The following article by Tom Bartlett in the Chronicle of Higher Education discusses the ‘Reproducibility Project’ which aims to replicate every study published in three selected journals in the field of psychology in 2008. The results should be interesting.
Today I’ll introduce you to Edge.org. Its mission: “To arrive at the edge of the world’s knowledge, seek out the most complex and sophisticated minds, put them in a room together, and have them ask each other the questions they are asking themselves.”
Each year Edge poses a question to scientists, philosophers and other thinkers, and the responses can make some very thought provoking reading. I found last year’s question and many of the responses particularly interesting: “What scientific concept would improve everybody’s cognitive toolkit?”
Evolutionary biologist Richard Dawkins suggested that a widespread lack of critical thinking or awareness of mindset/bias was a problem in society, and that people would benefit from attaching more weight to evidence based conclusions, equipping them to exercise sound judgement throughout their lives.
How would we do this? Schools should educate students in the principles of the double-blind control experiment and the reasons it is important, which include understanding the difficulty of eliminating subjective bias, and the problems of generalising from anecdotes.
For Social & Technology Network Topology Researcher Clay Shirky, an essential tool in our cognitive toolkit is understanding the Pareto Principle (also known by other names including the 80/20 rule) which originated from Vilfredo Pareto’s observation that 80% of the land in Italy was owned by 20% of the population. It’s not really a rule because the proportions can be quite a bit more extreme than 80/20 when we look at other areas of the real world, and the areas in which it applies are far more common than many believe. Yet, when we hear these figures reported in the media, they are often treated as shocking, unexpected and unpredictable.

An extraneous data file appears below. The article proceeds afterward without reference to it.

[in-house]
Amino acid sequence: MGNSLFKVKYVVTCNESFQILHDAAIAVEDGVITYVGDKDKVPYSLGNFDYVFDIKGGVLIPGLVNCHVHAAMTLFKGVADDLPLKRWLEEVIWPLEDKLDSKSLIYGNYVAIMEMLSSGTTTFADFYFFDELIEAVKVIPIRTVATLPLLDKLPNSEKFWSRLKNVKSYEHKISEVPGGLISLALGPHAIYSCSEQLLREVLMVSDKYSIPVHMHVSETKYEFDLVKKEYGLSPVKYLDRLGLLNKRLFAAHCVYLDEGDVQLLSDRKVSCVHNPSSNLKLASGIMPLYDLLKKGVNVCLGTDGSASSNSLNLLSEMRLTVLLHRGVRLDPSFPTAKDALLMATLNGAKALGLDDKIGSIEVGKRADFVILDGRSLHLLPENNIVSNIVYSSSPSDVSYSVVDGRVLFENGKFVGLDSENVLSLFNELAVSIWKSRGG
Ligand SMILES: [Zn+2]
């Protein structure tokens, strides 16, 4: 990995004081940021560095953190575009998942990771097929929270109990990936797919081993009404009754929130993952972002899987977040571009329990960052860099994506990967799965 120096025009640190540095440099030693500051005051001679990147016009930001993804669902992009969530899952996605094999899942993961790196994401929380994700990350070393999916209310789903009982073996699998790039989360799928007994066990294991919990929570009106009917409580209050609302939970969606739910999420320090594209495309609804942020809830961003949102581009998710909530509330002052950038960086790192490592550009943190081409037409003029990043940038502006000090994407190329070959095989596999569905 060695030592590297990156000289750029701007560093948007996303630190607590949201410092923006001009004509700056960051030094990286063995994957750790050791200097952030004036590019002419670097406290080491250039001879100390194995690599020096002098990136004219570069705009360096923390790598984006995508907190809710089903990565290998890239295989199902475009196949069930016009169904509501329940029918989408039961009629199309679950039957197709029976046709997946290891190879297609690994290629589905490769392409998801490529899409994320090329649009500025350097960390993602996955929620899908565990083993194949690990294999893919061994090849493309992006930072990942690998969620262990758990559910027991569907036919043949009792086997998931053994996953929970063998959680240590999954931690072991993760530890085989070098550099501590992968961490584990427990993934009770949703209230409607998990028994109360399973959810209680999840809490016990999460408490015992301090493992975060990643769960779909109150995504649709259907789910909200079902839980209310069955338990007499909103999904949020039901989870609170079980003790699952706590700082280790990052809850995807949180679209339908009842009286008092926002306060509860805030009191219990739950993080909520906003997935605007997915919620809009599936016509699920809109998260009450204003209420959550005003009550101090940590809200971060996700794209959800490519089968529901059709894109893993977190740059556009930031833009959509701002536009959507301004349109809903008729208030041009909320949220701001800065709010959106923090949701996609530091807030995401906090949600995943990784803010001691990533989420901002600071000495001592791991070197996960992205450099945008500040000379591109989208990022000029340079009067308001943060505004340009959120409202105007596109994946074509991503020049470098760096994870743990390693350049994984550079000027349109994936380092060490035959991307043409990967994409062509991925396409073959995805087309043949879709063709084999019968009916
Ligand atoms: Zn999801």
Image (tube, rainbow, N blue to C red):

The problem is that we are taught that the paradigmatic distribution of large systems is the Gaussian distribution (bell curve) and that examples which display Pareto characteristics are anomalies, which prevents us from seeing the world and probability of events clearly. If you’re interested in the impact of the highly improbable I recommend a book called The Black Swan by Nassim Nicholas Taleb (no, not Natalie Portman’s movie).
The questions posed by Edge go back to 1998 and the responses are well worth a read.
There has been quite a lot of talk in recent times about the amount of conventional health wisdom being overturned by the results of subsequent studies, and which have been exposing serious and often life threatening flaws in medical research. A part of the problem may be with the way vested interests tend to favor positive results, but there is also a failure of research methodology and analysis. Of course, issues of vested interests and flawed methodology and conclusions aren’t unique to medical research, but it provides an interesting example.
The following article by Dr. Steven Bratman talks about the impact and importance of double-blind studies for research, in very clear and comprehensible terms, and is worth a read for anyone involved in research or interested in how easily our own minds can fool us.